People who wish to gravitate away from God will always gravitate towards reading (and firmly believing) ANYTHING that supports their decision to do so. For those who have chosen to walk with God, studying and abiding in His word are sufficient. I, for one, praise Him for blessing me each and every day with answers (i.e., responses) to each and every argument raised by persons such as yourself.
    The early disciples of Christ went to their deaths rather than deny Him, because THEY knew Him first-hand; they would not have dared to deny the Truth that they knew and understood!
    When Diocletian issued the edict (circa 300AD) to have all scriptures burned and tried forcing Christians to convert, God stepped-in by having his successor pay to replace (50 sets) of God’s Word.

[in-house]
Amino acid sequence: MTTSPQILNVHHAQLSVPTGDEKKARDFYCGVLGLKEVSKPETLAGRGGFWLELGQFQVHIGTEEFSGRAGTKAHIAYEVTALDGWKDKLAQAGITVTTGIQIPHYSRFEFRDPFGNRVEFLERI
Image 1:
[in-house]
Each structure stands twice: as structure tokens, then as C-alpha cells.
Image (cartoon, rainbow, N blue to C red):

The ‘irony’ of Voltaire, the non-believer’s so-called “Beacon of Enlightenment” ~ after he stated that Christianity would be gone-and-forgotten ‘some years’ after his death … instead, his OWN printing press was put into service printing tons of Bibles for distribution around the globe!
    The atheists who tried to “prove” that the Bible must ALL be nothing more than a ‘hoax’, claiming that Moses could not possibly have authored the pentateuch (1st 5 books), stating that writing didn’t even EXIST during Moses’ time : they were forced to eat their words with the discovery of the “black stele” stone tablet, which pre-dated even Abraham…!